"Zoot suiters," mostly Latino youths, line up outside a Los Angeles jail on their way to court to stand trial for various offenses connected with the Zoot Suit Riots, a series of conflicts with white military and police personnel.
Photograph by Acme Newspictures, Inc., courtesy Library of Congress

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  • On June 3, 1943, the “Zoot Suit Riots” broke out in Los Angeles, California. The riots were a series of conflicts between the white and Latino communities of the area.
    White military servicemen and police officers had engaged in sporadic conflict with Latino and African Americans in Los Angeles for years. The “zoot suits” popular with young men of color became a symbol of this conflict—many in the white community thought the flamboyant suits flouted wartime rationing of fabric. Many troops claimed to have been robbed and harassed by “zoot suiters.” Off-duty police calling themselves the “Vengeance Squad” joined military personnel in attacking young Latinos, beating them and stripping them of their zoot suits.
    By the end of the week, more than 500 Latino and African American youths had been arrested. The military confined all sailors and Marines to their barracks. First lady Eleanor Roosevelt wrote about the riots in her weekly newspaper column: “The question goes deeper than just the suits. It is a racial protest.”
    Although the Zoot Suit Riots were quelled fairly quickly in Los Angeles, the “racial protest” they inspired did not fade. Protests spread to New York, Philadelphia, and Detroit. Civil rights leaders such as Cesar Chavez and Malcolm X took lessons they learned during the Zoot Suit Riots and used them to organize their communities.
  • Term Part of Speech Definition Encyclopedic Entry
    arrest Verb

    to take into legal custody.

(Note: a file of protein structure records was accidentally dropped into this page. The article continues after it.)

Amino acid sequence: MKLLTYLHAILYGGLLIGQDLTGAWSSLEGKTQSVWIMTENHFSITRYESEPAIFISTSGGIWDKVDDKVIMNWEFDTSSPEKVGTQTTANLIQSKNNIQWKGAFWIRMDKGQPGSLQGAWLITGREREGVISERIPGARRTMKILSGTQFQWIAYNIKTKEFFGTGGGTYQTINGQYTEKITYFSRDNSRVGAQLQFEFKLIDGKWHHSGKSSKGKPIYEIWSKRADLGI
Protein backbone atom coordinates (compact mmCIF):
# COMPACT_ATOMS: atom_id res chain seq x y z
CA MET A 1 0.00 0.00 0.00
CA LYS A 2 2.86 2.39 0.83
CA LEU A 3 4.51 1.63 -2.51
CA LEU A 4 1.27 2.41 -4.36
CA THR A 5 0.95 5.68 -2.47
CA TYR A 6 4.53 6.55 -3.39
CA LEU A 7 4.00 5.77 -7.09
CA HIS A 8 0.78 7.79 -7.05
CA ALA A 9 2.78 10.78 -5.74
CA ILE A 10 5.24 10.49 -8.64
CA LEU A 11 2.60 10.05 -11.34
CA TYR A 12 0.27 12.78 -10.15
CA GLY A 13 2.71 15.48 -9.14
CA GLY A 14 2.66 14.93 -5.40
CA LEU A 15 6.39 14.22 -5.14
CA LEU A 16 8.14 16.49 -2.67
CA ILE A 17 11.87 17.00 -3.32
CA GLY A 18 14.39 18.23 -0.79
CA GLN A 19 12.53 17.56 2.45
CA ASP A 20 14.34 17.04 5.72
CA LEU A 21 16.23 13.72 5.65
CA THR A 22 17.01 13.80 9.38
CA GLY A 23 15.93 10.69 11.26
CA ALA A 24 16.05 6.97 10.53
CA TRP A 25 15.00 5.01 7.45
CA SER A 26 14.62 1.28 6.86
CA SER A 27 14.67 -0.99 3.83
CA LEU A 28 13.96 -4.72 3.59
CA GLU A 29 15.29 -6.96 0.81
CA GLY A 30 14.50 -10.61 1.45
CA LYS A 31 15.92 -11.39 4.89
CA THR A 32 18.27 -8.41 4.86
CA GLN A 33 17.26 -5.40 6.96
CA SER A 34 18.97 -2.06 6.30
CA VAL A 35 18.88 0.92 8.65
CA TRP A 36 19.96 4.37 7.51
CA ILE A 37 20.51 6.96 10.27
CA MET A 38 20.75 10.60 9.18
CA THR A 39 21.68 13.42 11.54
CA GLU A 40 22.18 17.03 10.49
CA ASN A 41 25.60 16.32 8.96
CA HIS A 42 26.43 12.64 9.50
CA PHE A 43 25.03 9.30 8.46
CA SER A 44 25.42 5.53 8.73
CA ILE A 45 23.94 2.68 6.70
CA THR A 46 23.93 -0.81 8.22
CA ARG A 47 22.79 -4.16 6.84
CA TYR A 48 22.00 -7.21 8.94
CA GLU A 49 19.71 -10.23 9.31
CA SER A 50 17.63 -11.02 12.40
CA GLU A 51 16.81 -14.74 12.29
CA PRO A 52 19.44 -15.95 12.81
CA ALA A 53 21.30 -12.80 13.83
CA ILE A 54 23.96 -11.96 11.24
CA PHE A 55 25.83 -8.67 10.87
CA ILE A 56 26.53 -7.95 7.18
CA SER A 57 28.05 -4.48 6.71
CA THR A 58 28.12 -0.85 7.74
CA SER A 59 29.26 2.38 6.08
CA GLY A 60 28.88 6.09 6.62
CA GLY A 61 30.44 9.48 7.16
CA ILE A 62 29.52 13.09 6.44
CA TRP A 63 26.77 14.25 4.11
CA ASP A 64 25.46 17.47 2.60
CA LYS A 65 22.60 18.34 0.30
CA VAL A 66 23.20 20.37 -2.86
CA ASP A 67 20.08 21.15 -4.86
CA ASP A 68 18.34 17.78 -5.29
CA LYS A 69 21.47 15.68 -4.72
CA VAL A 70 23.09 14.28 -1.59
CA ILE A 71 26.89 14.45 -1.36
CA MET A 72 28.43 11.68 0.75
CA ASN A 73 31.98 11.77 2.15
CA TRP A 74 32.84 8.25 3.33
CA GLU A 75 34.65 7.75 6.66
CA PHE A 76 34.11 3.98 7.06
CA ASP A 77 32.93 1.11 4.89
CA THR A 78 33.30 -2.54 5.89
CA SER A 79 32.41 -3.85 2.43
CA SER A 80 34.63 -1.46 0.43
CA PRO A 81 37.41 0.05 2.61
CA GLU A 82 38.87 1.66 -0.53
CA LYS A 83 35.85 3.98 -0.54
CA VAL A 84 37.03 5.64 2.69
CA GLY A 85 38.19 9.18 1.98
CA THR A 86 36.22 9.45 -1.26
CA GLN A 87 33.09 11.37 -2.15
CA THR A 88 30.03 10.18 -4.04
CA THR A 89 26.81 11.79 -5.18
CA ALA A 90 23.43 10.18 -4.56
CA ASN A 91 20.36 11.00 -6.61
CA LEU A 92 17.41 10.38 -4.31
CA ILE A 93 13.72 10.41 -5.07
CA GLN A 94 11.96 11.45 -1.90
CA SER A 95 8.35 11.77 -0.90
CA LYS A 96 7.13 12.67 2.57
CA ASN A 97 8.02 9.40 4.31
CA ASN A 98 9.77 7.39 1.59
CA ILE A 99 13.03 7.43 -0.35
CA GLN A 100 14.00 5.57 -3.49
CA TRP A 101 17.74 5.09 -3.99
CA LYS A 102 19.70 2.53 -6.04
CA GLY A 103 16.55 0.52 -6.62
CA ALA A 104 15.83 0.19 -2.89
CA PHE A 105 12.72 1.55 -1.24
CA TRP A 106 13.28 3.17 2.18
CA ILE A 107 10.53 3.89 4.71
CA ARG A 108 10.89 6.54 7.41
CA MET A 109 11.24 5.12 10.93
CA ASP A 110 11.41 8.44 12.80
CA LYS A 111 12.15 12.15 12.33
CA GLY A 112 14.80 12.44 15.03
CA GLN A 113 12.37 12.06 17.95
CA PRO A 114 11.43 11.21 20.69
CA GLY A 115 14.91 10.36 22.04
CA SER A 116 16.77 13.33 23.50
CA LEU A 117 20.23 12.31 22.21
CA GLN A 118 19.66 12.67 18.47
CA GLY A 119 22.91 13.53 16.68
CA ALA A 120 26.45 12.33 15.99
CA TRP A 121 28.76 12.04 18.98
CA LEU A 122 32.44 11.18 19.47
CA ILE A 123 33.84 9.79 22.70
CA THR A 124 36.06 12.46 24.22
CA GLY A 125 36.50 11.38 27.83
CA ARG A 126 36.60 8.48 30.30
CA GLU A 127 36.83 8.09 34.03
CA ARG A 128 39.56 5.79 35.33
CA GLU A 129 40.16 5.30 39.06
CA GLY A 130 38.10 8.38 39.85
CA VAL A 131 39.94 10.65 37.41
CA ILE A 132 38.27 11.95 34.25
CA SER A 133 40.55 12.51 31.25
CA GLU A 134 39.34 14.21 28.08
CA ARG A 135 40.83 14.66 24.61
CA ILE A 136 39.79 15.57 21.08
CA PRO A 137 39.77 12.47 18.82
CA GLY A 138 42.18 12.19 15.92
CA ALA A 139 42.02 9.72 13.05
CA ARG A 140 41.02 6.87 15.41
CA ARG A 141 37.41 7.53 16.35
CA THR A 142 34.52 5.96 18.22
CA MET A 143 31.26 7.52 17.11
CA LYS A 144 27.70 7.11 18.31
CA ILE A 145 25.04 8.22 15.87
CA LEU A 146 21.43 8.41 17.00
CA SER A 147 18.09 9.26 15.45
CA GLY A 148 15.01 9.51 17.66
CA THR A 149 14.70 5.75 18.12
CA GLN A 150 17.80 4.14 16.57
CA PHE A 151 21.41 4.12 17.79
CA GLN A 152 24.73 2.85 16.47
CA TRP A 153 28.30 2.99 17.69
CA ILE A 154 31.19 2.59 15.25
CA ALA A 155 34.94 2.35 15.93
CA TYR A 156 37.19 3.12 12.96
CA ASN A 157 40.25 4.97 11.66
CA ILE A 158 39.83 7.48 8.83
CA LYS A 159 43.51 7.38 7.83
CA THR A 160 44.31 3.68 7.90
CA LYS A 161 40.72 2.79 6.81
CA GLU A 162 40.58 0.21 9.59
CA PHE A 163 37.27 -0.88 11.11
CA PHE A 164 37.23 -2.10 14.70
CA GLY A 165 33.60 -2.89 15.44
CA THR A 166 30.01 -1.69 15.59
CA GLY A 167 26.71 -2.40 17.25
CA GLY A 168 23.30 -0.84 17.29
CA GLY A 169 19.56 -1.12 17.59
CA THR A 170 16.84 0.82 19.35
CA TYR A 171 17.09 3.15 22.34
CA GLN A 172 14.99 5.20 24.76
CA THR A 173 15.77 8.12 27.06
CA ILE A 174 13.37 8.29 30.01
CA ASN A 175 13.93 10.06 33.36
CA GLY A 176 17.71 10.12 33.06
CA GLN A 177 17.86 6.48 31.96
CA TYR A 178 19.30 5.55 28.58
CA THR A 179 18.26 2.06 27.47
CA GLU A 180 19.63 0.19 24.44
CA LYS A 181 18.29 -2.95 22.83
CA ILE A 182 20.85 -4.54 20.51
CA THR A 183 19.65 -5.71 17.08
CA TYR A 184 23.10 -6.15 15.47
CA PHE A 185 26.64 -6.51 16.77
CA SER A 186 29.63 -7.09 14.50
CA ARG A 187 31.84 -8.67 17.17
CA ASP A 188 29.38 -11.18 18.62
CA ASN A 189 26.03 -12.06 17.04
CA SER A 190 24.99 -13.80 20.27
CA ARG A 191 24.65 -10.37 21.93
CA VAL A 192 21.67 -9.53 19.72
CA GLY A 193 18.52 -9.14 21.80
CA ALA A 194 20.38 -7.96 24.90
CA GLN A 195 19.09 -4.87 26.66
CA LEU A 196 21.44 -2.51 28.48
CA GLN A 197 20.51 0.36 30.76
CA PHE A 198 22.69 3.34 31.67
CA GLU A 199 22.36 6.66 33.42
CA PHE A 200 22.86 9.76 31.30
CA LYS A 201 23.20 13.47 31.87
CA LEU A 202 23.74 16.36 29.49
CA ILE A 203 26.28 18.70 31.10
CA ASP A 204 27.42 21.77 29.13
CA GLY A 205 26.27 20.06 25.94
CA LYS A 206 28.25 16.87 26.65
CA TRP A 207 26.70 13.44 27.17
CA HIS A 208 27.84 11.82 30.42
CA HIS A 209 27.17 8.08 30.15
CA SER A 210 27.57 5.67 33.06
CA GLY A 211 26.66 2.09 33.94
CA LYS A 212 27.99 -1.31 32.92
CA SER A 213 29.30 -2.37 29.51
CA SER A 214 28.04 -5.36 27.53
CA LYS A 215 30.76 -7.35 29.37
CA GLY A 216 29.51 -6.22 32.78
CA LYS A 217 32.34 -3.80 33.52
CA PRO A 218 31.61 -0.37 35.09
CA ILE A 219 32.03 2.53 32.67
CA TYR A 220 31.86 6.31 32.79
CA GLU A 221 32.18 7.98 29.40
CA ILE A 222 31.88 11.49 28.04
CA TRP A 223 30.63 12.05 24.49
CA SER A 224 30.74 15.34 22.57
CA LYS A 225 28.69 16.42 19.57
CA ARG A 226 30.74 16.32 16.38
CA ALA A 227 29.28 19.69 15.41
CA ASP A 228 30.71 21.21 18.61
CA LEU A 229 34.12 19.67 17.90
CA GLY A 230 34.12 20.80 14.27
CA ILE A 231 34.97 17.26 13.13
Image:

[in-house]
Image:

barracks Plural Noun

    building for housing soldiers.

    civil rights Plural Noun

    set of fundamental freedoms guaranteed to all individuals, such as participation in the political system, ability to own property, and due process and equal protection under the law.

    Eleanor Roosevelt Noun

    (1884-1962) American diplomat and first lady (wife of President Franklin Delano Roosevelt).

    engage Verb

    to interact with.

    fabric Noun


    first lady Noun

    wife of the president of the United States.

    flamboyant Adjective

    flashy, colorful, and bold.

    flout Verb

    to mock or treat with distain.

    harass Verb

    to disturb or torment.

    inspire Verb

    to influence to act.

    Latino Noun

    having to do with people and culture who trace their ancestry to Spanish- and Portuguese-speaking nations of Latin America.

    military Noun

    armed forces.

    police Noun

    local, state, or national government organization for law enforcement.

    protest noun, verb

    demonstration against a policy or action.

    quell Verb

    to satisfy, subdue, or put an end to.

    ration Verb

    to supply people with a fixed amount of food or another good or service.

    riot Noun

    large, violent, public disturbance.

    sporadic Adjective

    occasional and happening in isolated instances.

    symbol Noun

    something used to represent something else.

    troop Noun

    a soldier.

    vengeance Noun

    revenge, or the act of harming a person who has harmed you.

    zoot suit Noun

    man's suit with baggy, tightly cuffed, pleated pants; an oversize jacket with broad, padded shoulders; a long watch chain; and a porkpie hat.